Do you have a family member, friend, or neighbor that may be willing to check in on your Betta? This is ideal. If your Betta is in a 5 gallon (and under) setup, you may also consider bringing your fish to the sitter for convenience.
Either way, be sure to leave individual servings of food (pre-measured in baggies or disposable cups) so your sitter just has to dump the food into the tank. People that are not used to caring for fish tend to overfeed which can be detrimental to both the water conditions and the Betta itself.
If you are going for a couple of weeks, it will be beneficial to your Betta to show the sitter how to change the water in the tank. Write step-by-step detailed instructions on how to perform this task to ensure the health of your fish.
If your Betta is in a 10-gallon or more tank, then an automatic fish feeder may work for you. These come in several different styles, but they all work on the same principle – you place the premeasured food into the slots and set the timer. The device rotates at the preset time, releasing the food into the tank.
We recommend some careful research into the best one, as some of the inferior models build up condensation on the inside of the slots which clumps the food making it unable to drop into the tank.
For the best results, set up the automatic feeder for a test run before you leave, so you can monitor how it works.
Block Feeders (Not Ideal)
These types of vacation feeders store food inside a white block that slowly dissolves, releasing food into the tank.
Unfortunately, the food inside these feeders is usually made from a poor-quality, plant-based source that is not healthy for the meat-loving Betta.
In addition, there is no telling at what rate the block will dissolve, so your Betta could have a buffet of food for a couple of days, then be left with nothing for the remaining time you’re away.
Lastly, these blocks have reportedly dirtied the tank water and increased the ammonia levels.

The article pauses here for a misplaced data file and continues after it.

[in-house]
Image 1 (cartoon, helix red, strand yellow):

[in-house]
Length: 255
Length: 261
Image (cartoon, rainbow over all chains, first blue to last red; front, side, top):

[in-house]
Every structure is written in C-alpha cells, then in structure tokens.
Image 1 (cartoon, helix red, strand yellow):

If you feel this may be your only option, try them out before your planned vacation to see how it reacts in your tank. You will also want to perform water tests to ensure it is not increasing the pH of ammonia in the habitat.
Small Vases (Not Recommended)
There is a misconception that Bettas can “vacation” in vases containing plants with roots. The idea behind this is the Betta will eat the plant matter and the plant’s in turn will help control the water quality.
In theory, this is partially true. Yes, the Betta will eat the plants, but as a carnivore, this extended vegetarian diet can create constipation and bloat in your fish. Their stomachs are not designed to break down plant matter and therefore it is not healthy for them to try to do so for days on end.
Secondly, yes the plants can control some water quality, but not where it counts in ammonia and nitrate which will quickly build up, leading to illness or even death of your pet.
Betta fish are one of the few species that can go without food for up to 14 days; however, this is never ideal and should only be done in an emergency.
If you are planning a vacation, then be sure to set your Betta up for success by doing some pre-emptive measures with its tank, getting the proper gear in place, and/or finding a sitter to help with food and water changes.
Enjoy your vacation knowing your Betta is being taken care of and that it will be happy to see you when you return.